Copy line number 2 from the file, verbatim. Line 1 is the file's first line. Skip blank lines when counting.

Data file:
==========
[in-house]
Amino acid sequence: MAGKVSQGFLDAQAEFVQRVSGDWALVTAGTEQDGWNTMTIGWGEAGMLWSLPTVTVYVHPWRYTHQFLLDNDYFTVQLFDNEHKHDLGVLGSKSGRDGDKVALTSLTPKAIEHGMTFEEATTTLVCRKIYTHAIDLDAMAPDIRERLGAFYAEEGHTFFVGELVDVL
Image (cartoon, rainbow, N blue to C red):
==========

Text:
Amino acid sequence: MAGKVSQGFLDAQAEFVQRVSGDWALVTAGTEQDGWNTMTIGWGEAGMLWSLPTVTVYVHPWRYTHQFLLDNDYFTVQLFDNEHKHDLGVLGSKSGRDGDKVALTSLTPKAIEHGMTFEEATTTLVCRKIYTHAIDLDAMAPDIRERLGAFYAEEGHTFFVGELVDVL